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“One cat just leads to another.” ~ Ernest Hemingway
What’s the deal with cats and their writers?
Cats and their humans.
Cats and anyone they can boss around.
Anyone who’s ever had a feline companion knows what’s up—our cats are the puppetmasters and we, the humans, are simply the puppets.
Cats pull our strings.
We fetch their organic wet food (the pricey stuff) when they say fetch.
They wake us at 4 am, tapping on our closed eyelids (claws retracted, thank goodness), asking us to serve them breakfast—to serve them, always, and we do.
We fashion a toy mouse (when their favorite cloth mouse goes missing) from a piece of paper we’re currently taking notes on for a story, and forget said story—sacrificing all for cat.
The faux paper mouse (with its scribbled story notes, with its writer’s sacrifice) scuttles across the floor and is swatted by cat’s claws, crinkling just like cat likes it, and finds its way underneath a piece of heavy mahogany furniture, and is lost to the dark corners of immovable antiques.
When I went to graduate school for creative writing I had zero cats. I awoke with no mysterious cat scratches (sometimes even on my face now) from where a cat jumped over me in the night, or merely sparred with the other cat too close to my slumber. (Yes, this happens. Yes, I’m amazed I have not lost an eye yet.)
Yet, when I left graduate school for creative writing, I had three cats. Three cats whose presence made themselves known in my life much like the height that creeps up upon a child.
“Oh my, how did I grow so much in the past year?”
“Oh my, how did I acquire three cats in the past two years?”
It just happens, naturally.
So in ode to cats and their writers, I’ve compiled a list of writers musings on these fuzzy, little cat-astrophes:
1. “I said something which gave you to think I hated cats. But gad, sir, I am one of the most fanatical cat lovers in the business. If you hate them, I may learn to hate you. If your allergies hate them, I will tolerate the situation to the best of my ability.” ~ Raymond Chandler (in a letter to a friend)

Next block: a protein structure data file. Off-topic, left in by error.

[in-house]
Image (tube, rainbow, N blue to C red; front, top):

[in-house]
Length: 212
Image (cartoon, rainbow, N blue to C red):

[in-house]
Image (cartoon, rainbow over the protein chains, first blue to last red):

2. “If animals could speak, the dog would be a blundering outspoken fellow; but the cat would have the rare grace of never saying a word too much.” ~ Mark Twain
3. “A cat has absolute emotional honesty: human beings, for one reason or another, may hide their feelings, but a cat does not.” ~ Ernest Hemingway
4. “Anyone who believes what a cat tells him deserves all he gets.” ~ Neil Gaiman, Stardust
5. “Time spent with a cat is never wasted.” ~ Colette
6. “I love cats because I enjoy my home; and little by little, they become its visible soul.” ~ Jean Cocteau
7. “Cats will amusingly tolerate humans only until someone comes up with a tin opener that can be operated with a paw.” ~ Terry Pratchett, Men at Arms
8. “I believe cats to be spirits come to earth. A cat, I am sure, could walk on a cloud without coming through.” ~ Jules Verne
9. “One reason that cats are happier than people is that they have no newspapers.” ~ Gwendolyn Brooks, In the Mecca
10. “when I am feeling
all i have to do is
watch my cats
~ Charles Bukowski
11. “If you want to concentrate deeply on some problem, and especially some piece of writing or paper-work, you should acquire a cat. Alone with the cat in the room where you work … the cat will invariably get up on your desk and settle placidly under the desk lamp … The cat will settle down and be serene, with a serenity that passes all understanding.” ~ Muriel Spark, A Far Cry from Kensington
12. “Books, Cats, Life is Good.” ~ Edward Gorey
13. “I write so much because my cat sits on my lap. She purrs so I don’t want to get up. She’s so much more calming than my husband.” ~ Joyce Carol Oates
14. “Of all our sunny world
I wish only for a garden sofa
where a cat is sunning itself.
There I should sit
with a letter at my breast,
a single small letter.
That is what my dream looks like.”
~ Edith Södergran, A Wish
15. “I wish I could write as mysterious as a cat.” ~ Edgar Allan Poe